Margaret Randall is a writer, poet, photographer, feminist, and political activist. She lived much of her early adult life in Mexico, Cuba, and Nicaragua and has written over eighty books including collections of poetry, oral histories, memoirs, essays, translations, and photography books. Born into a white, middle-class, assimilated Jewish family in 1936, she grew up in New Mexico. A young poet, she moved to New York City in the late 1950s where she lived and worked among the abstract expressionists, and decided to have a child on her own.
In the early ’60s, she moved to Mexico City with her young son, married a Mexican poet, co-founded and ran the bilingual literary journal El Corno Emplumado (The Plumed Horn) for eight years, and had two daughters. Unable to have dual citizenship at the time, she became Mexican so that she could live and work hassle free. She divorced the Mexican and married an American poet with whom she had a daughter. After taking a prominent role in the Mexican student movement in 1968, she was persecuted by the Mexican government and forced to flee the country, first to Prague, then to Cuba where she spent the next eleven years. Later she would describe this period in To Change the World: My Years in Cuba (2009)
In an effort to understand what a socialist revolution could mean for women, she collected oral histories published in Cuban Women Now: Interviews with Cuban Women (1974).
In 1980, she moved to Sandinista Nicaragua where she interviewed women about their role in the revolution, resulting in Sandino’s Daughters: Testimonies of Nicaraguan Women in Struggle (1981) and Sandino’s Daughters Revisited: Feminism in Nicaragua (1994). She wrote an account of her own disillusionment with women’s involvement and treatment in radical social movements in Gathering Rage: The Failure of 20th Century Revolutions to Develop a Feminist Agenda (1992).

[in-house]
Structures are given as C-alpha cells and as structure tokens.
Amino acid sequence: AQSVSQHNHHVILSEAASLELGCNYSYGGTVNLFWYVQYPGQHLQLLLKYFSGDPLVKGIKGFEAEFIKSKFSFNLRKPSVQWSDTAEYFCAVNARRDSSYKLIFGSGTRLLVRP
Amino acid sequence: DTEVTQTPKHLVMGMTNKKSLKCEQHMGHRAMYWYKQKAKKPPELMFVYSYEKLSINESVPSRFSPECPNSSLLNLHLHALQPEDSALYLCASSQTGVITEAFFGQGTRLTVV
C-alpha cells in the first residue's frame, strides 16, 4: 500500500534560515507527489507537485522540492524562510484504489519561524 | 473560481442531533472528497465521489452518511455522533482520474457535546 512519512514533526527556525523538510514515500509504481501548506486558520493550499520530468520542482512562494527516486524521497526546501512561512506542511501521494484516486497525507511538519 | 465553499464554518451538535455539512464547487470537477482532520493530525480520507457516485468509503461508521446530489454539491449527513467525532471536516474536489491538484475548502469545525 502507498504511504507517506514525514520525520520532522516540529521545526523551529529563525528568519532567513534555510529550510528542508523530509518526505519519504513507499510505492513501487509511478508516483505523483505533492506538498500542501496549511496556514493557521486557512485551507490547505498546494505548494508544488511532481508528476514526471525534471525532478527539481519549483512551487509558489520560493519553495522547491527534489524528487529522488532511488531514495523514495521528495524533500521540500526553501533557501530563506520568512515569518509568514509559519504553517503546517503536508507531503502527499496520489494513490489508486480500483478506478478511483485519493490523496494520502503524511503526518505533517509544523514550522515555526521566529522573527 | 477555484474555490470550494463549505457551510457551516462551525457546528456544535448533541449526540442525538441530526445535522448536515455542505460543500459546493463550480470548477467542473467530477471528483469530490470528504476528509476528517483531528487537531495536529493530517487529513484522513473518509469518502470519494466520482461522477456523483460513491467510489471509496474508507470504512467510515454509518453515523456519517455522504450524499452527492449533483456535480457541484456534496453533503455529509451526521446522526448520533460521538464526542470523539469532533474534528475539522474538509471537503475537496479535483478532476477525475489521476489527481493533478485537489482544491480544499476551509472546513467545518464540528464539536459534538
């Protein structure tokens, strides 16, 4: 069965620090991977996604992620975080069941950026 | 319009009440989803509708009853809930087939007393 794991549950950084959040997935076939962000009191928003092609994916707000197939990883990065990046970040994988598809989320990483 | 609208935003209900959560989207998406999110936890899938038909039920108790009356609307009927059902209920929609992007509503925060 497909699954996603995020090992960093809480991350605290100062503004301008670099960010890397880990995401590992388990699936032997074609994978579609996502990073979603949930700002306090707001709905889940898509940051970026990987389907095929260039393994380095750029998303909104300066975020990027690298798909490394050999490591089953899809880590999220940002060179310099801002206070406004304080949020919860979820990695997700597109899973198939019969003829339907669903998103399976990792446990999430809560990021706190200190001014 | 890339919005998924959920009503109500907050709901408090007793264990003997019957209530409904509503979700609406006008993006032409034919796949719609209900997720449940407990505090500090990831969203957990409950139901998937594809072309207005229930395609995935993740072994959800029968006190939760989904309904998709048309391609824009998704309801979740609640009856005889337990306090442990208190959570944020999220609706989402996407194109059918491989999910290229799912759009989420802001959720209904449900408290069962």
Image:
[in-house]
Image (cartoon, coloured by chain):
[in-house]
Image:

She moved back to the U.S in 1984. The following year, under the McCarran-Walter Immigration and Nationality Act of 1952, based on some of her writings she was accused of being “against the good order and happiness of the United States”; her deportation was ordered. After a five-year legal battle, she finally won her case at the Washington-based Board of Immigration Appeals in a split decision in 1989. Ruth Bader Ginsberg wrote the opinion giving her victory. Coming Home: Peace Without Complacency
(1990) describes the ordeal. During this period, she came out as a lesbian.
This autumn, Randall, now seventy-seven, published two more books. Che on My Mind is a 160-page tour-de-force in which, with her poetic and visual sensibility, she considers Che Guevara’s life and legacy. The slim tome is also a meditation on how her own beliefs on revolution have changed, a prose poem on the vicissitudes of protest, courage, and the tricks of time. The other book, More Than Things, is a collection of essays meandering through her extraordinary life, using things — objects, people, places, poems — as points of departure for exploring ideas, dreams, memories and the ever-shifting meanings of what it is to be alive.
Randall’s first essay “Shaping My Words” sets the wistful, bleak, yet ultimately uplifting tone of her entire collection. It is both an homage to Haydée Santamaría and a personal consideration of suicide. Santamaría was a member of the Cuban Communist Party’s Central Committee and the president of Cuba’s cultural institution Casa de las Américas. She took her own life in 1980 not long before Randall moved away. She is the author of one of the Cuban Revolution’s “most moving and iconic texts,”Haydée Habla del Moncada , in which she describes being one of two women who participated in the 1953 attack on Moncada Barracks, a crucial battle in the Cuban Revolution. Randall writes of her: “This was a woman who embodies all that was promising about the revolution: its uniquely Cuban roots and risk, its brilliance, creativity, and passion, a genuine appreciation of difference, and the authority to journey where others didn’t know enough or didn’t have the courage to go.”
Though one can never know why someone decides to end her life, in reflecting on Haydée’s political disenchantment then, and on her own now with U.S. policy, Randall asks, “What do we do, what can we do, when faced with such weighty evidence that those who would destroy life as we know it are winning on every side?” In her apocalyptic vision of our future her solution to the impending social, political, cultural, and environmental doom is not to end her own life but to “whisper or shout, shaping my words into ever new configurations of a dignity that documents and empowers” — in other words, to write.
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